I almost wish former Senator Fred Thompson hadn’t let the cat out of the bag. But he has so I guess we’d just as well cross our fingers that nothing goes wrong and say it: the GOP has pretty much won the battle over the debt ceiling. Things could go badly wrong, but at this writing, they have done a remarkable job. It looks like there will be a deal that Republicans can vote for and that President Obama will end up signing it.

Thompson writes:

Absent some major miscalculations, within the next few days there will be official acknowledgement of what has already happened….

“Is this the best deal we could have obtained?” you might ask. I suggest that you don’t run the risk of finding out.

There are conservatives lobbying against Speaker John Boehner’s legislation that would end the crisis. Many are the top strategists and thinkers on the GOP side. I hesitate to disagree with these luminaries, but I’m with Fred. (I am wondering if Thompson hasn’t taken to NRO precisely to lobby reluctant GOP members to vote for the legislation.)

The Republicans stood firm, always aiming for a deal that did not require raising taxes. President Obama’s duplicity-claiming to have made concessions, then withdrawing them at the last minute-has diminished him. His behavior was too grand for an elected official, even the highest one. Mr. Obama kept summoning members of Congress to the White House (“I’ve told them to be here at 11 o’clock”), where they could not get much work done, what with being scolded by the most loquacious president in U.S. history.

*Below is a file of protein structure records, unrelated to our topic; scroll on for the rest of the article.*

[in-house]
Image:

Republicans like to eat their own. They are prepared to distrust Speaker Boehner as not being firm enough. But they should sit on these self-destructive tendencies. They could not get everything they wanted for the country this week. We have a Constitution and it gives authority to groups other than the House Republicans, ever how much one admires this group. No matter how determined they are, they can’t use sheer determination to do everything they want as quickly as they want to do it.

Resist, Republicans, your Jacobin tendencies! Be patient (but not too patient). Michael Barone says it will take at least another election to achieve their ends: you need two wins in a row, he says, to change the country’s direction. GOP House members were firm. But I don’t think they behaved in a wild fashion that will cost them that second, necessary election.

It is interesting that a default, which now appears to have been avoided, might actually have helped President Obama. His approval ratings appear to go up when the stock market goes down. An analyst for Bespoke Investment Group writes:

In the ongoing discussion over the debt ceiling debate, there has been a near consensus opinion that a default will be averted because failure to reach an agreement would have a ‘disastrous’ impact on financial markets.  With Obama looking at approval ratings near the lowest of his Presidency even as the stock market is near its highest levels of his Presidency, he may be thinking that a stock market decline may not be such a bad thing.

 The president lost the argument. Listen to Gloria Borgia of CNN saying that today nobody in Washington is talking about tax increases–ecept Obama.